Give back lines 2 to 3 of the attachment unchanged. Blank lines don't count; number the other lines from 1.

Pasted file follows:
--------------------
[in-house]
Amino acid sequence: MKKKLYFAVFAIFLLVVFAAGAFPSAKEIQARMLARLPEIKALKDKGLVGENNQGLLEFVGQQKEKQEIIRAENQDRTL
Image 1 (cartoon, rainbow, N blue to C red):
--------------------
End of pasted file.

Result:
Amino acid sequence: MKKKLYFAVFAIFLLVVFAAGAFPSAKEIQARMLARLPEIKALKDKGLVGENNQGLLEFVGQQKEKQEIIRAENQDRTL
Image 1 (cartoon, rainbow, N blue to C red):